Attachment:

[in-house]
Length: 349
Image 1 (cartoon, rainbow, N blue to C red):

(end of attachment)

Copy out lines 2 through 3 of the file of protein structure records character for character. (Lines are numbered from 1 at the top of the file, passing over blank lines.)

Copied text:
Length: 349
Image 1 (cartoon, rainbow, N blue to C red):